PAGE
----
Malins Marine Service Co.,Ltd.
Malins Marine Service Co.,Ltd.

What is distress communication in GMDSS?

The Global Maritime Distress and Safety System (GMDSS) is a globally accepted and adopted set of rules protocols and prescriptions, which assure safety navigation and shipping. The GMDSS equipment is applied to increase safety and make it easier and faster to rescue distressed ships, boats and aircrafts. The GMDSS enables a ship in distress to send an alert using various radio systems. Thanks to this system the alerts has a very high contingency to be received by either shore rescue authorities and/or other vessels in the area.

Since the invention of radio at the end of the 19th century, ships at sea have relied on Morse code, invented by Samuel Morse and first used in 1844, for distress and safety telecommunications. But this mean appeared difficult and not reliable enough to assure the safety at sea in full volume.

So the International Maritime Organization (IMO), a United Nations agency specializing in safety of shipping and preventing ships from polluting the seas, began looking at ways of improving maritime distress and safety communications.

A new system, gone to rely on means of satellite and on-land radio services, besides, it has changed international distress notifications from ship-to-ship based to ship-to-shore (Rescue Coordination Center) based. The GMDSS assures capability of vessels of automatically distress alerting and locating for the cases where there is no time to send an SOS or MAYDAY call. And, for the first time, the system requires ships to receive broadcasts of maritime safety information that could prevent a distress, which became a primary target. In 1988, IMO amended the Safety of Life at Sea (SOLAS) Convention, requiring ships subject to it obligatory fit GMDSS equipment. Such ships were required to carry NAVTEX and satellite EPIRBs by August 1, 1993, and had to fit all other GMDSS equipment by February 1, 1999. US ships were allowed to apply GMDSS in lieu of Morse telegraphy equipment by the Telecommunications Act of 1996.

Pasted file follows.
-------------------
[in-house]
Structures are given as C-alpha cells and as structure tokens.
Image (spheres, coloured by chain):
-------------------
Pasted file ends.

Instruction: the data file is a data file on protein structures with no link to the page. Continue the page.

The GMDSS has introduced new technology which has completely transformed maritime radio- communications. The new system enables a distress alert to be transmitted and received automatically over long range, with a signi cantly higher reliability.

The GMDSS composes of different systems, some of which are new, but many of which have been in use long before. The system is intended to perform the following functions: alerting (including position determination of the unit in distress), search and rescue coordination, locating (homing), maritime safety information broadcasts, general communications, and bridge-to-bridge communications. Specific radio carriage requirements depend upon the ship's area of operation, rather than its tonnage. The GMDSS also considers back-up instrumentation of distress alerting, and emergency sources of power.

Recreational vessels do not need to comply with GMDSS radio carriage requirements, but should increasingly use the VHF radios with Digital Selective Calling (DSC). Vessels under 300 Gross tonnage (GT) are not subject to GMDSS requirements.

GMDSS equipment must be simple to operate and (wherever appropriate) be designed for unattended operation.

Distress Alerts must be able to be launched from the position where the ship is usually navigated (ie; the bridge). Also EPIRBs are required to be installed close to that place, or be capable of remote activation.

A simplified version of the equipment required by SOLAS to be carried on board for each sea area is described below.

Because the different radio systems incorporated into GMDSS have individual limitations with respect to range and service provided, the equipment required to be carried by a ship is determined by the ship’s area of operation. The GMDSS has divided the world’s oceans into four distinct areas. All vessels are required to carry equipment appropriate to the sea area or areas in which they trade.

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